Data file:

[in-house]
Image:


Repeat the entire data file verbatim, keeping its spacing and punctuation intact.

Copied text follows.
[in-house]
Image: